Tax Relief for the Common Man
By: A. B. Jacobs
On May 28, 2003, amidst considerable acclaim, President George W. Bush signed the Jobs and Growth Tax Relief Reconciliation Act of 2003. Most prominent among its numerous provisions was the lowering of tax rates, particularly on dividends and capital gains. In the accompanying hoopla, that promised $330 billion in tax cuts to an overtaxed nation, no factor seemed more heavily emphasized than the spur to American investment anticipated by lowering the maximum long-term capital gains rate from 20 to 15 percent. In general, this provision of the act received approval, with many financial pundits soon acknowledging the increased business activity surely to accrue. However, as is so often the case, the devil is firmly ensconced in the details-and this case is no exception.
What is the detail in which the devil is buried? It is a provision of the tax code known as Alternative Minimum Tax (AMT), created in 1969 to prevent the wealthiest taxpayers from employing various devices-deductions, credits, and the like-so to completely avoid taxation. The concept gained its initial impetus in January of that year when President Lyndon Johnson's outgoing Secretary of the Treasury, Joseph Barr, charged in a speech before the Joint Economic Committee of Congress that hundreds of persons with incomes exceeding $100,000 paid no income taxes in 1966-67. He then urged that laws be written to insure " . . . the rich pay their fair share of the burden." The almost immediate result was the passage of the 225-page Tax Reform Act of 1969-at that time the most sweeping and complex revision of the Internal Revenue Code ever enacted-which included such provisions as limiting accelerated depreciation and depletion allowances, repeal of the Investment Tax Credit, and restrictions on other tax shelter items. Although in reality the wealthiest of taxpayers easily sidestepped the intended effects, the new statutes began to take their toll on the nation's middle-income earners. Succeeding legislation, most notably the Tax Reform Act of 1972, championed by Senator George McGovern, that year's Democratic presidential nominee; the Tax Policy Review Act engineered by Congressman Wilbur Mills, then-chairman of the powerful House Ways and Means Committee; and the grotesquely-contrived Tax Reform Act of 1976, all dipped more deeply into the pockets of the American middle class. Since then, with each succeeding revision of the law, the AMT functions so to penalize the ordinary citizen with a levy ostensibly designed for the plutocracy.
This bring us to the here and now. Let's peek in a little more closely at how the widely heralded 15 percent long-term capital rate, that took effect May 6, 2003, actually works out for many of us. I'll pick as our example Carrie, a hard-working and unmarried real estate saleswoman. Her 2003 net income from sales commissions amounted to $100,000, generated largely through dint of 12-hour-working-days, plus a fortuitous gain of $200,000 from the sale of a vacant lot she owned for fifteen years. Bear with me as I perform a quick tax computation. In a world unencumbered by complexity, the tax tables indicate the tax on $100,000 to be $20,569. Add to that an additional $30,000, representing the advertised 15 percent tax rate on capital gains, and you see that Carrie's beneficence to the federal government calculates out at $50,569-no small sum, to be sure.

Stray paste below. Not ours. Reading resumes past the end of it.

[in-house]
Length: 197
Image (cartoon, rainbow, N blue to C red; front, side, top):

Let's now look at the Alternative Minimum Tax, and the question: might Uncle Sam possibly want more? It's time for a revelation. Although the authors of the tax law acquiesced in setting the long term capital gains rate at 15 percent for AMT purposes, they mickey moused the AMT exemption rules in a way that the gain can boost ordinary income into a higher bracket. The result in this case is that Carrie will pay out an additional $5,431-the practical effect: an increased capital gains rate.
So much for this particular law; let me now state my conviction. The example I've just given is replicable in one way or another with every section of the tax laws. The fact is that meaningful tax reduction for the citizen is largely an illusion. Although the politicians must regularly genuflect to the concept of tax relief, the reality is that the percentage of Americans' income taken by government has been rising unabatedly since implementation of the 16th Amendment to the Constitution in 1913. I'm sorry to report that there is no sign that anything is going to change.
Though you may detect a trace of pessimism, I'll try to conclude on a happy note. As an aside, recognize what Carrie's actual income taxes are. This hard working lady will fork over an additional $13,688 in FICA taxes-yes, it's a tax in every sense of the word. And if she pays California taxes, as do I, you can add in another $25,099, for a total outlay of $94,787 . . which helps to explain why she may need to work until she is an octogenarian. As I said, this ends on a happy note-for the tax collector, that is.
Al Jacobs has been a professional investor for nearly four decades. His business experience ranges from real estate, mortgage, and securities investment to appraisal, civil engineering, and the operation of a private trust company. In addition to managing his investments on a day-to-day basis, he is a featured financial columnist for both online and print publications. He is the author of Nobody's Fool: A Skeptic's Guide to Prosperity. You may subscribe to his financial Newsletter, "On the Money Trail," at no cost or obligation, by visiting http://www.onthemoneytrail.com/.